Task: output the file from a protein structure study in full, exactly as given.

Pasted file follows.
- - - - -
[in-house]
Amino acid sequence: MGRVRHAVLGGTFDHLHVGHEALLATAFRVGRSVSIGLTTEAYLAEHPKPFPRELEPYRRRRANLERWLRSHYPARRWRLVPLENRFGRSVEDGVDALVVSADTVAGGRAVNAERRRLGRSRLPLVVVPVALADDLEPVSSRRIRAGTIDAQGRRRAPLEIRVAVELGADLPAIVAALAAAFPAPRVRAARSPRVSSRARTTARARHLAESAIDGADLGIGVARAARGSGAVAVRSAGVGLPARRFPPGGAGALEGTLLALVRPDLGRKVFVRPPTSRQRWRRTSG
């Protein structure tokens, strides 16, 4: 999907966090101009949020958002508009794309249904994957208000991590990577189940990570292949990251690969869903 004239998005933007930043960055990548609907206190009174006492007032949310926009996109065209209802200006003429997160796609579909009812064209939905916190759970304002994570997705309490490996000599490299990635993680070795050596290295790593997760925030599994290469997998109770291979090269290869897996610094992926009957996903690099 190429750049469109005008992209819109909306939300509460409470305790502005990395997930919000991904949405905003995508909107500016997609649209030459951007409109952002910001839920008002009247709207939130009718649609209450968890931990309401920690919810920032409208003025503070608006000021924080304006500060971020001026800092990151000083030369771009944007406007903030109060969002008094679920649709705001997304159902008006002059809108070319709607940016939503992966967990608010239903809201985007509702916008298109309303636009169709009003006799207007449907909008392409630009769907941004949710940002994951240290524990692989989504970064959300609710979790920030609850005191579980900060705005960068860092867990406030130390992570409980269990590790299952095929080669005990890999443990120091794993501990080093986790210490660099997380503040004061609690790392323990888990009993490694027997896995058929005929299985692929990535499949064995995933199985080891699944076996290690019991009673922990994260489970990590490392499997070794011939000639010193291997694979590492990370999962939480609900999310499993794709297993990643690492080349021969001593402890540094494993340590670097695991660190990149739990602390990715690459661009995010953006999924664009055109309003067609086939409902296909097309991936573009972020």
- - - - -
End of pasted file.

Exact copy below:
[in-house]
Amino acid sequence: MGRVRHAVLGGTFDHLHVGHEALLATAFRVGRSVSIGLTTEAYLAEHPKPFPRELEPYRRRRANLERWLRSHYPARRWRLVPLENRFGRSVEDGVDALVVSADTVAGGRAVNAERRRLGRSRLPLVVVPVALADDLEPVSSRRIRAGTIDAQGRRRAPLEIRVAVELGADLPAIVAALAAAFPAPRVRAARSPRVSSRARTTARARHLAESAIDGADLGIGVARAARGSGAVAVRSAGVGLPARRFPPGGAGALEGTLLALVRPDLGRKVFVRPPTSRQRWRRTSG
């Protein structure tokens, strides 16, 4: 999907966090101009949020958002508009794309249904994957208000991590990577189940990570292949990251690969869903 004239998005933007930043960055990548609907206190009174006492007032949310926009996109065209209802200006003429997160796609579909009812064209939905916190759970304002994570997705309490490996000599490299990635993680070795050596290295790593997760925030599994290469997998109770291979090269290869897996610094992926009957996903690099 190429750049469109005008992209819109909306939300509460409470305790502005990395997930919000991904949405905003995508909107500016997609649209030459951007409109952002910001839920008002009247709207939130009718649609209450968890931990309401920690919810920032409208003025503070608006000021924080304006500060971020001026800092990151000083030369771009944007406007903030109060969002008094679920649709705001997304159902008006002059809108070319709607940016939503992966967990608010239903809201985007509702916008298109309303636009169709009003006799207007449907909008392409630009769907941004949710940002994951240290524990692989989504970064959300609710979790920030609850005191579980900060705005960068860092867990406030130390992570409980269990590790299952095929080669005990890999443990120091794993501990080093986790210490660099997380503040004061609690790392323990888990009993490694027997896995058929005929299985692929990535499949064995995933199985080891699944076996290690019991009673922990994260489970990590490392499997070794011939000639010193291997694979590492990370999962939480609900999310499993794709297993990643690492080349021969001593402890540094494993340590670097695991660190990149739990602390990715690459661009995010953006999924664009055109309003067609086939409902296909097309991936573009972020």